Real Life: Becoming a Regular

 

by Sean Bronson

When I go to a bar, I usually like to go outside and take cigarette breaks. There is one guy I’ve been sort of talking to. Let’s call him James.

Let me just say, in the past, I usually didn’t talk to other bar patrons. However, I’ve been going to one particular bar near my place and I’m sort of becoming a regular.

Becoming a regular at a bar is a great study in social relations between human beings. You visit an establishment a couple of times, you talk to a few regulars, and then people start buying you drinks. Even the bartender throws a couple your way.

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Getting to know other regulars is an interesting experience. James, who I brought up earlier, is a stand up comic. I know this because he was smoking something outside of the bar, and he showed me the pipe that he smoked with the now-deceased comedian, Mitch Hedberg. That’s how long he’s been doing comedy.

The second time we hung outside the bar, I pretended to go for a single-leg take down on him. There were two other guys there. So a total of four dudes including myself.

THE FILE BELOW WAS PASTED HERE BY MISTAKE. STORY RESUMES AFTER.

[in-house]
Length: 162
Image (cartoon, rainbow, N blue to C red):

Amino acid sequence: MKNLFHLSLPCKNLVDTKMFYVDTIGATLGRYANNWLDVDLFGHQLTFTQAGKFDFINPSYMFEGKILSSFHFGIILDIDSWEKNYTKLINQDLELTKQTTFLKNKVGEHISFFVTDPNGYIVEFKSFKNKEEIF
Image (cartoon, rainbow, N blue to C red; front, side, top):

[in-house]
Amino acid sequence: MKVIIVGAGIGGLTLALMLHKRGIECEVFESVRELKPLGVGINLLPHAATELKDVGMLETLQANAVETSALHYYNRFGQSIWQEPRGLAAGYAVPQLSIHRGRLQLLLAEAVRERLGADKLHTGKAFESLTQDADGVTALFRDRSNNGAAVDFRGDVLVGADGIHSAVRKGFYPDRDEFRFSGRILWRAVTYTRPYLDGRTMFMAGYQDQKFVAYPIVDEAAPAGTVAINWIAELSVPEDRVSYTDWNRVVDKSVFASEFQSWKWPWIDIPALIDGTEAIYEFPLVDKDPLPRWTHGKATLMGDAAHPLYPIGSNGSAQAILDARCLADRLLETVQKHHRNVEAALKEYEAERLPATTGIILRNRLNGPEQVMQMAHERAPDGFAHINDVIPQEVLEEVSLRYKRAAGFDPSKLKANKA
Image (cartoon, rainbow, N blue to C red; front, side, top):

The conversation went from whether I used to take Brazilian Jiu-Jitsu to knives. Yes, knives as in pocket knives. They all took them out in unison to show me.

I was surprised. These were harmless-looking dudes with these beautiful blades. I was not threatened in anyway, but the reality of the dangerous neighborhood I lived in dawned on me.

I guess I already knew. After all, even though the bar was only three or four blocks down, I always drove there instead of walking.

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“Tom” is another guy I’ve been talking to at the bar. He seems like he is always sloshed but in a friendly way. He talks to everyone, even to the people sitting at the tables.

He is an older guy than me and works as an accountant somewhere. He doesn’t look like an accountant though. I don’t know about the rest of the world, but there’s a stereotypical image of what an accountant looks like to me. And he doesn’t fit it. I don’t know. Maybe he changes into more casual clothes before going to the bar.

What I know about him is that he is divorced and often takes the taxi home because he is so wasted. He confessed to me that, because of his over-drinking, someone told him he was on a death wish.

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And there is that one girl always at the bar with a very questionable reputation. You don’t why she’s there. She always pops in and out and then back in again. She disappears behind alleys or is gone altogether with other customers.

I’ve never talked to her but she always sings songs that have remind me of a siren warning travelers of her destructive love. On the surface, she looks like a regular girl. But I know how to look.

What was that quote about Groucho Marx? Something about joining a club…

 

 

 

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